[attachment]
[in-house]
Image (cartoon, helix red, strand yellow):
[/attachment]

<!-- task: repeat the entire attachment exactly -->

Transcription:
[in-house]
Image (cartoon, helix red, strand yellow):